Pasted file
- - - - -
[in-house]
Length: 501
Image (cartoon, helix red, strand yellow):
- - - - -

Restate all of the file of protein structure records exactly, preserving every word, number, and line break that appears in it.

[in-house]
Length: 501
Image (cartoon, helix red, strand yellow):